Thoughts Inspired by Flat-Earthers

I listened to this interesting podcast by Big Picture Science, produced by the SETI Institute. The hosts interviewed a scientist who attended a “scientific” conference organized by a flat earth community. There were speakers who presented their “scientific findings” to support their belief. They believe that everything coming out of NASA or the scientific community is false, so they feel the need to conduct their own experiments. This was really eye-opening for me, because I have never interacted with anyone from this crowd, so I thought that earth being a globe is a universally acknowledged truth. And it really got me thinking, how can we fix this?

Before thinking of solutions, I want to say that even for such a scientifically backed claim, there exist many disbelievers, let along things that have no definite right or wrong, such as politics or morality. I think people should be more open-minded to listen to different views, and try to understand a situation from different perspectives.

The scientist from the podcast mentioned that when he talked to the flat earth believers at the conference, he found that they are not willing to be open-minded. After he had listened to their “scientific findings”, they are not willing to listen to his theory. As a result, he sadly concluded that there is nothing that scientists can do or prove to change the minds of flat earth believer, because they are not susceptible to outside ideas at all.

Digging deeper into why they won’t listen to real scientists, he found that these people feels like scientists dictates all scientific findings, and the public just have to listen to them unconditionally. They feel rebellious against this setup and they would rather do their own experiments. But none of them have degrees in science or have any formal training in research, so it is almost inevitable that they will arrive at wrong conclusions.

In my opinion, the root cause of all this is education, higher education in particular. first of all educated people tend to be more open-minded. They are taught that there could exist different approaches to the same problem, therefore they are more likely to listen to alternative points of view. Also, I believe it is necessary that everyone gets an education on the basics of scientific research. Since flat earth believers hate how scientists have authority over science topics, then maybe if we educate them to be scientists in the first place, they will see the rigor of scientific research, thus trust the scientists.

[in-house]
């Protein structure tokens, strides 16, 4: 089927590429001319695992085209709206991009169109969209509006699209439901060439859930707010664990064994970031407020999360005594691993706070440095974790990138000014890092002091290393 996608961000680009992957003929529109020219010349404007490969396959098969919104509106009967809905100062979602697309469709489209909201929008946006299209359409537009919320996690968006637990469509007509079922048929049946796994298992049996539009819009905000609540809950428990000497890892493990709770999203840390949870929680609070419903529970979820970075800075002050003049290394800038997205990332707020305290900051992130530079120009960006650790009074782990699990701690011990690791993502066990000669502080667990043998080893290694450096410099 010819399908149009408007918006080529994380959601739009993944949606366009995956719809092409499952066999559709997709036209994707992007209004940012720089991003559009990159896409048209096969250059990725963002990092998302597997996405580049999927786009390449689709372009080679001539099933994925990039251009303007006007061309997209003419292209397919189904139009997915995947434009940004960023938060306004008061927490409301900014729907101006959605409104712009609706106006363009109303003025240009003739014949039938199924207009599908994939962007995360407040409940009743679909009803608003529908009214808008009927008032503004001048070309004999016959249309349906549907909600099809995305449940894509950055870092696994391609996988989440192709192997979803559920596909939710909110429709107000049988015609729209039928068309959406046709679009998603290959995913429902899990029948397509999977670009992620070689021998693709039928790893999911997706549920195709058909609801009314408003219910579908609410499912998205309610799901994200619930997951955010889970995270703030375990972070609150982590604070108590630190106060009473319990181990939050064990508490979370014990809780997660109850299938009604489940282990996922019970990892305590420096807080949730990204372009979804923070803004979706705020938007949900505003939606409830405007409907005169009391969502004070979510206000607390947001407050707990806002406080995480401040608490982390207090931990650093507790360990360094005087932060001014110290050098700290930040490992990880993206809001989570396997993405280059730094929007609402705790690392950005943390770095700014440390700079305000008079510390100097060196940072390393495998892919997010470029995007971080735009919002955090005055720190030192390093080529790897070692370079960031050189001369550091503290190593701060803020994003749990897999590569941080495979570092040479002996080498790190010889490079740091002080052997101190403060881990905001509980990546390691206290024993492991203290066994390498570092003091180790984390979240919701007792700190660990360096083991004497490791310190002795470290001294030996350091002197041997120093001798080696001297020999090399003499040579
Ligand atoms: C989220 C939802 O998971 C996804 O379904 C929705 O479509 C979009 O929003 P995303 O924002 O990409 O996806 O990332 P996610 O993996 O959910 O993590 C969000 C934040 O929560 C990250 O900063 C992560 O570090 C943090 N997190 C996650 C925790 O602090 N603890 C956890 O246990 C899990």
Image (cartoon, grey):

There are people in my life that believe college education should not be for everyone. From a pragmatic perspective, sure, most skills of common jobs can be picked up in months, and a lot of people work in sectors different from their college majors. Why waste time and money on things that will not make you a better employee?

However, I believe that a college education is necessary to improve the society as a whole. The core curriculum forces science majors to gain a basic understanding of history, philosophy and art, and forces humanities majors to learn the basics of scientific research and math skills. This process is essential for people to see things from other’s perspective, and become more well-round, in order to fit into the society and be able to solve complex problems as adults.

If by providing college education to all, therefore making the scientific methods available to all, there will be significantly fewer flat earth believers, fewer ghost hunters, and fewer pseudo-scientists in general, I would say that it is a successful and necessary system.

2 thoughts on “Thoughts Inspired by Flat-Earthers”

  1. I wish what you say were true about today’s higher education having a transformative power to improve individuals and society as a whole! Unfortunately, few universities today offer a rigorous core curriculum (one which would immerse humanities majors in the STEM fields and vice versa), and open-mindedness is not the norm on too many campuses. See the website of the Heterodox Academy (, a group founded by Jonathan Haidt (author of The Righteous Mind) to reverse close-mindedness and promote viewpoint diversity in higher education. In this video from 2011, Charles Murray and Peter Thiel question the belief that everyone should go to college:


    1. Hi LDS,

      I was speaking from my personal experience, my time at university taught me knowledge and critical thinking skills, so that I did not fall for the flat earth theory for example. However, I do realize that not everyone had the same experience at the university as me, and I was careless to assume that.


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